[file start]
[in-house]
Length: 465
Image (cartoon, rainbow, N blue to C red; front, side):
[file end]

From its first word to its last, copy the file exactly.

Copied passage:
[in-house]
Length: 465
Image (cartoon, rainbow, N blue to C red; front, side):